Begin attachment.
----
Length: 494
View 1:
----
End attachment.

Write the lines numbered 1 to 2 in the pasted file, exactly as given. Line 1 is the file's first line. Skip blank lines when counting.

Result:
Length: 494
View 1: